In elementary school, Animorphs was one of my favorite book series. I simply couldn’t get enough of it. I even had the videogames. Even at that young age, I noticed continuity errors within the world of the books. It’s no secret that about half of the Animorphs book series was written by various different ghostwriters. However the first twenty-something were written by K.A. Applegate. She introduced a concept in the first book called “thought-speak,” however violated and rewrote the rules several times during the first few books. The last fifty or so books were consistent with one another, but you get the impression reading the first few books that they’re earlier drafts, as though the author herself wasn’t entirely sure of all the concepts yet, or how they worked. From what I heard though, when they rereleased the first few books a few years back, they fixed the continuity errors. So at least they acknowledged their mistake.

It’s one thing to have inconsistencies from book to book, because at least then, if you read only a single book, it will still make sense. The gravest of continuity errors is when same book contradicts itself later on. Years ago, at the recommendation of a friend, I read Pendragon Book One: The Merchant of Death. It was not a very good book. What bugged me the most, however, was when the book contradicted its own rules. At one point in the book, Bobby, the main character, travels to another dimension. The people in that dimension speak a language he cannot understand. While there, he meets “travelers” from yet another dimension, who explain to him that at the moment his brain can only comprehend the language of other travelers, but it will take time for the magic to fully take affect and allow him to understand the natural inhabitants. Later on in the book he confronts the villain, another traveler, who reveals that he was disguised as a natural inhabitant the whole time. Which would be fine, if Bobby hadn’t tried talking to the man earlier in the book and couldn’t understand him, while the other travelers he was with were able to. This wouldn’t be hard to explain away, of course, if the author explained that the villain had killed the original person after Bobby had met him and was impersonated him (he had shapeshifting powers). But now, the villain explicitly said that the original person who he was impersonating had died years ago. If that was the case, Bobby should have understood him right away, as he was a traveler, but he didn’t. (Like the continuity error in Animorphs, this was apparently also fixed later, in the graphic novel adaptation.) Now, perhaps this is a nitpick. Continuity errors often are. But they always take me out of the story.  If you’re going to publish a book, please have someone read it over specifically looking for continuity errors. It’s embarrassing.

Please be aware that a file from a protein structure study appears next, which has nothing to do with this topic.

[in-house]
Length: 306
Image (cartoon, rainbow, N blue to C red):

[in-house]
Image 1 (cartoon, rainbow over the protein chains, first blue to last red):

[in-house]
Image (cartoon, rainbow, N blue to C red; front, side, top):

Let me know of any book continuity errors you’ve noticed in the comments below. How much did it bother you?

Indie Review – Micro God

Micro God 51smbuqgxxl-_sx332_bo1204203200_is the debut novel of K.R. Martin. Honestly, calling it a novel is actually kind of misleading. It’s more of a short story or novella. It follows a man, Richard Clarke, who has the ability to control the reality directly around himself. Essentially, at least within his few surrounding feet, he is a god. A character like that is vastly overpowered, and it poses a challenge to write a character like that, at least if it went the typical superhero route. Thankfully it does not.

The story begins with Clarke finding himself disillusioned with humanity and life itself. It is a story of the pain and anguish immortality can bring. The horror of outliving everyone you’ve ever loved. Where he goes from there is something I won’t ruin for you, as I do not want to give anything away, but it isn’t exactly what you expect.

This story has a surprisingly original premise, with shades of Hancock and Lucifer. It asks what it would be like to be a god, and really explores the concept well, giving the reader a feeling of what it would be like to be an immortal with (nearly) limitless power. The execution is fantastic, for the most part (there are a few gang members who act and talk in a cliché manner that clashes with the otherworldly tone somewhat, and took me out of the story). There’s a romance element that can be a bit eye-rolling at times, but then again, most romance usually is. The writing was impressive for a first time author, and although there are a few minor mistakes, like a missing comma here and there (I’ve seen worse violations in traditionally published books), it doesn’t take away from the story. I’d be very interested in seeing more from this author at some point down the line. The book is currently only available in digital format, which given its size is not surprising. I would say it certainly worth picking up, especially considering it’s less than a dollar.

If you’ve read the story or have a suggestion of another book you’d want me to review, please mention it in the comments below.